Let me tell you -- being a part of the advance party for the World's Largest Outdoor Cocktail Party is tough! My lovely wife, Lisa, and I decided to head south Wednesday morning. It takes me at least two days to recover from such a long drive these days.
We'd never been in Jacksonville on the Wednesday before the Georgia-Florida Game, so we decided to walk over to The Landing to see what was happening. My friend, who loaned me his apartment for the week, assured me that it was in easy walking distance.
As I walked over the tall baby-blue bridge that spans the St. Johns River I was reminded of two things. "Easy walking distance" is a relative term and I suppose everywhere is within walking distance if you have plenty of time.
The last time I visited The Landing was on Halloween night, four years ago. You couldn't stir them with a stick that night. It wasn't like that Wednesday. The place was dead. We walked the entire length of the place and didn't encounter a single Gator chomp. There were four old boys wearing red T-shirts and Georgia baseball caps sitting in that restaurant that has the really good wings and the girls wear orange shorts. I wanted to join them for dinner but Lisa would have none of that. Instead she made me ride a water taxi across the river to a place called the River City Brewing Company.
I could have told her that was no place for two people who don't drink beer. I paid $9 for a salad that would have been absolutely delicious, if I had been a rabbit. It had a ton of carrots and those funky greens that people eat to seem sophisticated, even though they'd really rather have plain old iceberg lettuce and a quartered tomato. A few coconut shrimp set me back another nine bucks, a cup of cold grits would have cost $3.95 but the server took those off the menu when he realized I couldn't dig into them without bending my fork.
We sat on the deck, though, and the view of the sun setting over the river was nice. Plus, our server was very friendly -- slow, but very friendly. As we were waiting for our food, Lisa decided to go powder her nose. When she got back she remarked on how helpful all the men in the place seemed to be. She said that three of them offered to buy her drinks and two tried to escort her to the ladies room.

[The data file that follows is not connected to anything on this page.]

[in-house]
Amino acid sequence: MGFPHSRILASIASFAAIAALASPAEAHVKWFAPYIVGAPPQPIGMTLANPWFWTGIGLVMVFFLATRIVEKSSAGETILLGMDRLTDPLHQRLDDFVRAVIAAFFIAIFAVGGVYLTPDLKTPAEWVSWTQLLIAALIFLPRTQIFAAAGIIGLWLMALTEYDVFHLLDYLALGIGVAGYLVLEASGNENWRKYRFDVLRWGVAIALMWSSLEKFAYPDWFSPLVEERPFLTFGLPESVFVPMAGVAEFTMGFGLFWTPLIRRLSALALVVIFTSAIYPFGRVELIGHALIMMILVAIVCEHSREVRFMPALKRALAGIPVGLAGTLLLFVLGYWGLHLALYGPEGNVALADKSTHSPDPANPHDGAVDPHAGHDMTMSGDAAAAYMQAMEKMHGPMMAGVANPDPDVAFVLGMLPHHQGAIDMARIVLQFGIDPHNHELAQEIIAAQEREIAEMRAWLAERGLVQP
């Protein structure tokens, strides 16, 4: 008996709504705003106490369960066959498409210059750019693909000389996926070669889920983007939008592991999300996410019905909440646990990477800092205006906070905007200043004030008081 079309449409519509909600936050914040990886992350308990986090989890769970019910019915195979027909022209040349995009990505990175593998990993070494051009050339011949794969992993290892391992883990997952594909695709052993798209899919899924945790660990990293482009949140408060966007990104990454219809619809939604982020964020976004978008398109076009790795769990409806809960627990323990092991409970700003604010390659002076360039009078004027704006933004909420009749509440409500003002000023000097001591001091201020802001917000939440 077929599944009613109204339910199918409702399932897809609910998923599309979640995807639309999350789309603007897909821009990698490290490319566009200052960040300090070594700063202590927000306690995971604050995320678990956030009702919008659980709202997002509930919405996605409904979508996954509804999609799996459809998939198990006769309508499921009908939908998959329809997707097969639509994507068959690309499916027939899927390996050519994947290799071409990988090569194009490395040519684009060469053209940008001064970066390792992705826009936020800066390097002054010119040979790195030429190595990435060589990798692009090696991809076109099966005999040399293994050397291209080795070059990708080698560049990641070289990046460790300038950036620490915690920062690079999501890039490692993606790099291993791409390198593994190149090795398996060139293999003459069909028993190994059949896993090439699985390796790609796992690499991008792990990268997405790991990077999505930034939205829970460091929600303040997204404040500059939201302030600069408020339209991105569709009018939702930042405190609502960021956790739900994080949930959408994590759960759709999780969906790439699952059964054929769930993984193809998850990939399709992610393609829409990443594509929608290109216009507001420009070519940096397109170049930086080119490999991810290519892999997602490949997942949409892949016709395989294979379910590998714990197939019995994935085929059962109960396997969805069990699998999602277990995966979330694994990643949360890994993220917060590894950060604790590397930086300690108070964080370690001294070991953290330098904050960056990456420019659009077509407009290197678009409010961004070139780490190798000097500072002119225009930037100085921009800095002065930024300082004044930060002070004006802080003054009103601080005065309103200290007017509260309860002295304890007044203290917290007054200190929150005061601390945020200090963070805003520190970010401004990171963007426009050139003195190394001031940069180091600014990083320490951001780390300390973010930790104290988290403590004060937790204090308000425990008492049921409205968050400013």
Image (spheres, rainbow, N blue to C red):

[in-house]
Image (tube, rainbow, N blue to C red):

That seemed a little suspicious to me, so I decided to take a walk back to the restroom myself. Lisa was right. The people were helpful. One 60-year-old lady in a short, tight dress that I am sure was made for a 20-year-old, offered to teach me the foxtrot and a couple of others asked if I would like to sit down and buy them a drink -- or dinner.
When I got back to our table there were two strange women sitting with Lisa. I introduced myself and learned that one was Pam and the other was Sue. I assumed they had already met Lisa, since they were sitting with her, and told them I was her husband. They looked rather shocked and Pam turned to Lisa and said, "You brought your husband to this event?"
"I didn't realize this was an event," was Lisa's response. Then I started looking around at the cast of characters that had assembled at the RCBC on Georgia-Florida eve. I saw caricatures of every decade since I graduated from high school. There were 50-year-old (and older) women with big hair and that '70s look, and there were men older than me with Aloha shirts on that were probably sewn before Hawaii joined the Union. There were rhinestone cowboys with slicked back hair and polished boots and I swear, one man had on a powder blue leisure suit and another had on a Members Only jacket. I saw more bad hairpieces than I had seen since I spoke at the used car salesman convention in Dothan last spring. I'll add that there was a lot less to many of the women than met the eye and leave it at that.
Never known for my tact, I asked Pam and Sue if this was an early Halloween party. Pam looked hurt. Sue laughed and told me that this was a Match.com meeting. Pam responded to the bewildered look on my face by explaining that Match.com is an online dating site. She showed me her phone, on which she had downloaded about a hundred pictures. "These are the people who are supposed to be here," she explained. "We have talked to some of them online and are hoping to meet a few in person tonight."
"Or at least one good 'un," Sue said, and then amended, "That's one apiece."
Lisa and I quickly paid our check and got out of there.
These are strange times we're living in, and they get stranger every day. As long as the world is populated by human beings, I will never be at a loss for something to write about.
Darrell Huckaby is a local educator and author. Email him at email@example.com. For past columns, visit www.rockdalecitizen.com or www.newtoncitizen.com.